Counterfeit tickets - Caveat venditor
As it relates to the issue of counterfeit tickets, we are all familiar with the Latin phrase Caveat emptor, meaning "Let the buyer beware". A lesser known axiom, but just as important, is Caveat venditor - Let the seller beware.
Why do we blog this? The morning news headlines reinforce the need for eternal vigilance against counterfeit tickets, for consumers and venues alike. The longstanding issue of counterfeit tickets isn't going away anytime soon but you can put the tools into place at your event to keep them from impacting your bottom line. In this post we examine the latest examples of the plague that is counterfeit tickets and what to do about it.
$800.00 life lesson
This morning's news included a new instance of counterfeit tickets, this time for Justin Beiber's concert in Edmonton Canada. Having not been able to buy Bieber tickets the day they went on sale, a fan had read through the local classified ads. In one ad was the too-good-to-be-true offer of seats in the sixth row for $800.00. The fan arrange to meet the seller in person and paid the full amount.
Unfortunately the tickets were counterfeit, and the Bieber fan's circumstance is now part of a investigation by the police department.
Hindsight is 20/20 of course and reading the account of this latest scam may make you think that the Bieber fan should have been more cautious, but the exuberance of youth includes a lack of experience. A lack of experience often comes at a price, in this case that price is $800.00
Edmonton police detective Dave Radmanovich spoke directly to the heart of the matter for consumers when he urged people to be extremely cautious about buying tickets:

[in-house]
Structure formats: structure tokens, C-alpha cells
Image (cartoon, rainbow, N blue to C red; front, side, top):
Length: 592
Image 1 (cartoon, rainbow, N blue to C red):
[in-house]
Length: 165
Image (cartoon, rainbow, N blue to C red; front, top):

It is better to go through the original ticket office or a reputable online ticket reseller, he said, since fraudsters can print off fairly legitimate looking tickets with a home printer or photocopier.
Even the most rational of people may consider buying tickets from less than optimal sources because their emotional passion for their favorite artist get the best of them.
Champion consumer protection website The Consumerist insists that the public be smart about buying tickets and has written frequently on what to watch out for. Counterfeit protection instructions from the Consumerist always contain “Be skeptical” of any offers for tickets in classified ads and end with “Buy from the official source”.
Bill Patterson, vice president of anti-counterfeiting service OpSec says to just stay away from tickets on Craiglist, period.
One of the first things we tell people is don't buy your tickets off Craigslist, I buy all sorts of stuff off Craigslist. I would not buy tickets there.
The buyer has resources to help them avoid counterfeit tickets scams, but what about the venues? Counterfeit tickets are as much of an issue for those who put on events as they are for consumers.
Implementing an effective counterfeit ticket policy starts with the clearly stated message to the ticket buying public that they, the event organizer or venue, are the only official source of tickets, as seen below.
After making all very aware of the importance of only buying from the original source is the use of ticket stock that is difficult to forge. These ticket printing mediums are specially made from very high quality materials and often contain additional countermeasures like ultra violet and thermochromic inks or holographic foil.
Finally the last line of defense is at the admission gate where the onus is on the venue to implement anti-counterfeiting measures - but unlike the consumer, the venue must perform this defensive measure efficiently since time is money. Handheld laser barcode scanners, UV light stands,and a savvy, well trained staff are the pillars of effective counterfeit prevention at the gate.
Counterfeiting of event tickets is widespread problem for venue owners, event promoters and fans and the online ticket software you use is an import part of stemming the fake ticket tide. The ThunderTix staff have extensive knowledge of ticket printing and barcode scanning and access to that knowledge is a benefit of having a ThunderTix account.
When and where counterfeit tickets will strike next is unknown, but it is best to be prepared with the tools and technology ahead of time, before its too late.
[…] at Harvey Mudd can read our guides on event safety and security, best practices for staving off counterfeit tickets and the advantages of selling/distributing tickets […]
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